RDM is a measure of the old plant material (without counting summer annuals) that are left standing or on the ground before the fall precipitation comes. It is a great indicator of both forage production and grazing intensity. These leftover plant materials are critical on California rangelands to reduce erosion and nutrient loss, and to create a conducive environment for diverse plant communities to thrive. Optimum RDM levels are site specific, they range from 100-2,100 pounds per acre, and depend on precipitation zone, slope and tree canopy cover. Ideal RDM levels increases with precipitation and slope, and decreases with tree cover. Studies show that too low or too high RDM levels will reduce species composition and forage production, both factors critical to any livestock production system. The good news is that annual rangelands are resilient and will likely return to normal production within two years after bringing RDM level to recommended standards.
Knowing the RDM standards for one's rangeland and continuously monitoring is an important step towards achieving sustainable rangeland management and livestock production.
Details about RDM standards, data collection methods and more can be found in the free UC Agriculture and Natural Resources publication Guidelines for Residual Dry Matter on Coastal and Foothill Rangelands in California.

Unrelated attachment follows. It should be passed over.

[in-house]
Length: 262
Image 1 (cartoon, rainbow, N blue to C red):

Author: Fadzayi Mashiri, Ph.D.
The author, Sheila Barry, the natural resources and livestock advisor for UC ANR Cooperative Extension in the Bay Area, wrote that overgrazing and impacts to riparian woodlands are legitimate concerns, but have been effectively addressed with modern range management practices. Ranchers can minimize harmful impacts by maintaining proper stocking rates, creating riparian pastures, limiting grazing in sensitive areas and adding off-stream water sources.
Barry delineated a series of beneficial impacts of cattle grazing on Bay Area parklands. She said grazing minimizes wildfire hazards, manages non-native annuals, prevents thatch build up, promotes flowering plants, and improves carbon sequestration.
Barry added that no documented plant or animal species extinction has been linked to cattle grazing in California. On the contrary, numerous threatened and endangered species rely on grazing and rancher stewardship, including Santa Cruz tar plant, Contra Costa goldfields, Sonoma spineflower, San Joaquin kit fox, California tiger salamander, California red-legged frog, Ohlone tiger beetle, and Bay checkerspot and Callippee silverspot butterflies.
The magazine also included a "con" argument, written by Karen Klitz, a member of the Western Watersheds Project board of directors, and Jeff Miller, a conservation advocate with the Center for Biological Diversity and director of the Alameda Creek Alliance. The authors say grazing is incompatible with conservation because damage wrought by livestock is not a thing of the past. Klitz and Miller cite research showing that removing cattle can restore trout populations, native songbirds, wildflowers and amphibians. Grazing cessation at Mount Diablo State Park decreased weedy species and increased native grassland species and supports 16 rare or endangered wildlife species, the article said.